Climbing peas are the ultimate space saver vegie. They can be grown along a trellis on a fence or up a tepee or tripod, taking up minimal horizontal space. They’re also great for growing in pots, so you can grow climbing peas on a sunny veranda, courtyard or balcony.
Yates Snow Peas produce crisp, sweet pods that can be eaten whole (they’re a terrific in-garden snack), steamed, used fresh in salads or added to stir fries. Kids love snow peas too and a small handful in their school lunchbox is an easy way to add more vegies into their diet.
Yates Sugarsnap Peas have juicy, sweet flavour packed pods that can be eaten whole when young or shelled when mature. Shelling peas is a fun activity for kids and the little peas inside are delicious.
- Both snow and sugarsnap peas should be sown in a spot that receives at least 6 hours of sunshine a day (in cool zones wait until June to start sowing climbing pea seeds).
- Sow seeds direct where they are to grow, beside a trellis or support, into damp soil that’s been enriched first with some Yates Dynamic Lifter Soil Improver & Plant Fertiliser. Don’t water again for a few days as pea seeds can rot if they’re too wet.
- Seedlings should pop up in around 10 days and you can start harvesting in around 8 – 10 weeks. Snow and sugarsnap peas are prolific croppers, so you should have lots of tasty peas for several months.
- To encourage a great harvest, as soon as the seedlings are established start feeding each week with Yates Thrive Flower & Fruit Soluble Plant Food, which is boosted with extra potassium which promotes flowering and pod development. Keep picking pods regularly too, which helps prolong the harvest.
Many of our favourite cool season vegies, such as broccoli, Brussels sprouts, cabbages and cauliflowers, are attacked by a range of voracious caterpillars. Caterpillars can devour entire young seedlings as well as more mature plants and also eat into the heads of cabbages and cauliflowers.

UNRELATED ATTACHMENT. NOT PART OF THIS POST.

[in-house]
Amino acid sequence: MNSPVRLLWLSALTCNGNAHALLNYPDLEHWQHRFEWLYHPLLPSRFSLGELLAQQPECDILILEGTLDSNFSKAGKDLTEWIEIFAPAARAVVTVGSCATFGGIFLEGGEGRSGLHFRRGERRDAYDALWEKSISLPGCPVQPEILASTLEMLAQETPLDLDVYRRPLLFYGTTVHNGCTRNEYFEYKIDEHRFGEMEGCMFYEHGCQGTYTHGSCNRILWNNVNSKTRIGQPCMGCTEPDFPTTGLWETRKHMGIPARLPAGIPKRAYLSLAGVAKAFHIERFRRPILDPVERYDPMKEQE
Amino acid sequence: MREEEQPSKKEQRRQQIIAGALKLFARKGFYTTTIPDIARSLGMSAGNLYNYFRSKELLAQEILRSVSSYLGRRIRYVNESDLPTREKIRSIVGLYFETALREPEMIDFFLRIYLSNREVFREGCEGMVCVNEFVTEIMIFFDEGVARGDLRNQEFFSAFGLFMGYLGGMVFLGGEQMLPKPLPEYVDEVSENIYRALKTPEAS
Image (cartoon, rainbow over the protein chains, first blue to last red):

Sometimes the caterpillars themselves are hard to spot, as they can be expertly camouflaged, hide underneath foliage or within the heads of cabbages and cauliflowers. Look out for tell-tale holes in the leaves or brown or bluey-green droppings.
The most common caterpillars include:
Cabbage white butterfly caterpillars – smooth pale green caterpillars of small white butterflies with distinctive black spots on their wings.
Cabbage looper – larvae of small brown moths that are green with a white stripe running along their side. Their name comes from their ‘looping’ style of movement where they arch their body as they crawl.
Cabbage moth – young caterpillars are light green and mature to greenish-brown and are larvae of brown moths.
Without caterpillar control strategies, cool season vegies can be decimated, leaving you nothing to harvest. You don’t need to be a caterpillar identification expert to keep caterpillars under control.
Baythroid Advanced Insect Killer for Gardens is a handy product for vegie gardeners as it will effectively control caterpillars on vegetables like broccoli, Brussels sprouts, cabbages and cauliflowers. Start spraying when insects or their damage first appear and repeat as required. Spray both sides of foliage, as caterpillars are often found on the undersides of leaves.
Extra tip: Baythroid Advanced Insect Killer for Gardens will also control other common insect pests on cool season vegies, including aphids, thrips and whiteflies.